An instance where short-circuiting of established norms has received a beating relates to the inclusion of experts from multilateral institutions and foreign consultancy firms in consultative groups of the Planning Commission for working out the mid-term appraisal of the Tenth Five Year Plan. The first official justification was on the ground that outsiders would help bring about objectivity and frankness as well as diverse viewpoints.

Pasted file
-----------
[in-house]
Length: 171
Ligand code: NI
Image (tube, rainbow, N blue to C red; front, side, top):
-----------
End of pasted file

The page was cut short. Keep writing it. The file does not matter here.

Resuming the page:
The justification appeared reasonable since India has a rich record of having experts from multilateral institutions, foreign academics and foreign consultancy firms tendering advice in the past on macroeconomic as well as sectoral issues. The former Reserve Bank of India, Mr S Venkitaramanan, provided in these columns (Business Line, September 20) an excellent and a comprehensive account of such advice received in the past by the government, and public sector banks. The latest move of the Planning Commission, however, has become controversial when the Left groups opposed the inclusion of such experts (referred to for convenience as foreign experts in this article) in the formal, and structured institutional mechanism such as the consultative groups.